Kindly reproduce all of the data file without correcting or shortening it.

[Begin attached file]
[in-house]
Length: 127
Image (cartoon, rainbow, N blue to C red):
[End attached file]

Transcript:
[in-house]
Length: 127
Image (cartoon, rainbow, N blue to C red):